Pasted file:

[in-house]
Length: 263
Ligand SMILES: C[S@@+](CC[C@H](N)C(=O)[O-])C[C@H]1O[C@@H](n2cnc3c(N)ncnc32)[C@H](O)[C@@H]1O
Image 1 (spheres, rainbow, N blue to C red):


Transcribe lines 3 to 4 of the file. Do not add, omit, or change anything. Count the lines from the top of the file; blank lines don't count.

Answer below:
Ligand SMILES: C[S@@+](CC[C@H](N)C(=O)[O-])C[C@H]1O[C@@H](n2cnc3c(N)ncnc32)[C@H](O)[C@@H]1O
Image 1 (spheres, rainbow, N blue to C red):